Directive Principles of State Policy (DPSP)- Concept and Features
The Directive Principles constitute a very comprehensive social, economic and political programme for a modern and welfare state.
These principles emphasises that the State shall try to promote welfare of people by providing them basic facilities like shelter, food and clothing.
Unlike Fundamental Rights, the Directive Principles of State Policy (DPSP) are non- binding in nature which means they are not enforceable by the courts for their violation.
However, the Constitution itself declares that ‘these principles are fundamental in the governance of the country and it shall be the duly of the state to apply these principles in making laws’. Hence, they impose a moral obligation on the state authorities for their implementation.
Features of Directive Principles of State Policy (DPSP)
1. It denotes the ideals that the State should keep in mind while formulating policies and enacting laws.
2. It resembles the ‘Instrument of Instructions’ enumerated in the Government of India Act of 1935. In the words of Dr B R Ambedkar, ‘the Directive Principles are like the instrument of instructions, which were issued to the Governor-General and to the Governors of the colonies of India by the British Government under the Government of India Act of 1935.
What is called Directive Principles is merely another name for the instrument of instructions. The only difference is that they are instructions to the legislature and the executive’.
3. It constitutes a very comprehensive economic, social and political programme for a modern democratic State which aimed at realising the high ideals of justice, liberty, equality and fraternity as outlined in the Preamble to the Constitution. They embody the concept of a ‘welfare state’ which was absent during the colonial era.
Classification of Directive Principles of State Policy (DPSP)
The Constitution of India does not formally classify the Directive Principles of State Policy but for better understanding and on the basis of content and direction- they can be classified into three categories: Socialistic Principles, Gandhian Principles, and Liberal-Intellectual Principles.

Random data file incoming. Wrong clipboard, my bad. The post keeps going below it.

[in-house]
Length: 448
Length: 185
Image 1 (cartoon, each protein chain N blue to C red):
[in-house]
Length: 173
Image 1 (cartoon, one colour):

These principles contemplate the ideology of socialism and lay down the framework of a democratic socialist state. The concept envisages providing social and economic justice, so that state should achieve the optimum norms of welfare state. They direct the state through- Article 38, Article 39, Article 39 A, Article 41, Article 42, Article 43, Article 43 A and Article 47.
These principles reflect the programme of reconstruction enunciated by Gandhi during the national movement. In order to fulfil the dreams of Gandhi, some of his ideas were included in DPSP and they direct the state through- Article 40, Article 43, Article 43 B, Article 46, Article 47 and Article 48.
These principles inclined towards the ideology of liberalism and they direct the state through- Article 44, Article 45, Article 48, Article 48 A, Article 49, Article 50 and Article 51.
New Provisions of Directive Principles after Amendment
Four new Directive Principles were added in the 42nd Amendment Act of 1976 to the original list. They are requiring the state:
1. Added clause in Article 39: To secure opportunities for healthy development of children
2. Added clause in Article 39 as Article 39A: To promote equal justice and to provide free legal aid to the poor
3. Added clause in Article 43 as Article 43 A: To take steps to secure the participation of workers in the management of industries
4. Added clause in Article 48 as Article 48A: To protect and improve the environment and to safeguard forests and wildlife
The 44th Amendment Act of 1978 added one more Directive Principles which requires the state to minimise inequalities in income, status, facilities and opportunities in article 38.
The 86th Amendment Act of 2002 changed the subject-matter of Article 45 and made elementary education a fundamental right under Article 21 A. The amended directive requires the State to provide early childhood care and education for all children until they complete the age of six years.
The 97th Amendment Act of 2011 added a new Directive Principle relating to co-operative societies. It envisages that the state to promote voluntary formation, autonomous functioning, democratic control and professional management of co-operative societies (Article 43B).
In nutshell, the Directive Principles of State Policy refers to those principles, which should be kept in mind by the State while formulating policies. They are non-justiciable which means one cannot approach the court for its non-implementation but can be referred to by the Supreme Court while deciding whether a particular policy is unconstitutional or not.